Two things favored Cox: height and soccer, the latter having decorated his minor years with an abundance of travel, including abroad. Endurance matters deeply in the harshness of Australian rules football; players can run a half-marathon per match. Soon came brother Nolan acting as agent and fielding phone calls from Australian clubs at wee hours. Soon came a why-not free trip to Australia.
“We took those two weeks,” Mason says, “and just walked around like absolute idiots, not knowing what to expect. And we found out the game was real, found out people were into it, with massive crowds and massive following and stuff here, and got plastered all over the media and everything else.”
They did a news conference.
“I was a walk-on in college,” Mason says. “I never did a press conference in my life. I guess people didn’t understand I wasn’t like a big person in sport back in America. This was like some guy who scrubbed the bottom of the barrel.”
The World Cup’s signature moment played out above a graveyard
It made no sense and led to a momentous brotherly conversation near a boathouse on Port Phillip Bay just beneath Melbourne. Nolan, five years older, advised Mason that his youth allowed ample time for mounting this wild stallion of an adventure. Mason signed with the Magpies of Collingwood, a club whose stature often results in being translated into American as “Dallas Cowboys” or “New York Yankees.”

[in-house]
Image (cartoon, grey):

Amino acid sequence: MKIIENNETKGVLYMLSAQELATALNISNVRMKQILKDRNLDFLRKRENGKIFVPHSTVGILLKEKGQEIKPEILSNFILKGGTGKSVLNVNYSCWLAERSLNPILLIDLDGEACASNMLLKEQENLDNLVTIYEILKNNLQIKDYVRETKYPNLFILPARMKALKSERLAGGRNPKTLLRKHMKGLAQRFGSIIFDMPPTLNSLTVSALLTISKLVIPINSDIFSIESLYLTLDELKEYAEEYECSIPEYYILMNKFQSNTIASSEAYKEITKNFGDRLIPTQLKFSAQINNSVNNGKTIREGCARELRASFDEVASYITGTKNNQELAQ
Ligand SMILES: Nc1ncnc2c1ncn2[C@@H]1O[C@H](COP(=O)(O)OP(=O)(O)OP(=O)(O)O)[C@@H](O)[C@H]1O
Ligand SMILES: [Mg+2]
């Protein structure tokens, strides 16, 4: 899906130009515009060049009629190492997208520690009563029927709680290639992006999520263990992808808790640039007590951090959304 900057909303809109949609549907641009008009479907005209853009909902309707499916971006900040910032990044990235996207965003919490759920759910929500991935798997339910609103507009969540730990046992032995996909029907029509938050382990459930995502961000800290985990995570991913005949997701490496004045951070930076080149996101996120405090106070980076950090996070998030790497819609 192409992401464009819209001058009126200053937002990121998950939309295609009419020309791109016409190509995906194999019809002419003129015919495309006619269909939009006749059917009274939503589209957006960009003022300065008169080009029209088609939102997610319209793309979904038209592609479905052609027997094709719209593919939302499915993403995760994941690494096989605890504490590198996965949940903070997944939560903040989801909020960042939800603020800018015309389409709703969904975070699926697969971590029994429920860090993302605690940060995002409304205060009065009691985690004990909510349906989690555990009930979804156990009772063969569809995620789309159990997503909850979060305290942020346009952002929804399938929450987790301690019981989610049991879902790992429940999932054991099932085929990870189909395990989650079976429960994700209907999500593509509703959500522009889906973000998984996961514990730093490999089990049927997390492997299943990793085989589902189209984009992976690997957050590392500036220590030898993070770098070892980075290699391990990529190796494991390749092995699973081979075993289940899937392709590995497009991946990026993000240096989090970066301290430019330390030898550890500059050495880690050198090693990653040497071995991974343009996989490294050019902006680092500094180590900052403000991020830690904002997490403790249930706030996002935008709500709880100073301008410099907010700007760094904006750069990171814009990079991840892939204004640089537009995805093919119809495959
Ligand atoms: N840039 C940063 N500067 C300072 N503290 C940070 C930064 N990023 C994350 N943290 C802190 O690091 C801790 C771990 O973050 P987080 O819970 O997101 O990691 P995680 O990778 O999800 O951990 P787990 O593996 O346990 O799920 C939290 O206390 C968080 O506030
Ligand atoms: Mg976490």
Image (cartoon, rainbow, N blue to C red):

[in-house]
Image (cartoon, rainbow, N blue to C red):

He lived as a novelty with a give-it-three-years mind-set. He rode the rapids of resentment from those who wondered why an interloper might supplant some Australian who had slept dreaming with a football as a kid (even though Irish interlopers from Gaelic football had done likewise). He learned in the minors this game played on a gigantic oval with many, many players (18 on each side). He aimed for the largest stadium in the Southern Hemisphere, the Melbourne Cricket Ground, surrounded by statues of legends he knew not, such as cricketers Shane Warne and Sir Donald Bradman, or footballers Ron Barassi and Leigh Matthews. He debuted there for Collingwood in 2016 and scored a goal (six points) on his first kick 80 seconds in as the tallest player ever in the AFL and the second American — following Jason Holmes, who played in five games between 2014 and 2017.
He didn’t star, but he didn’t fade, either.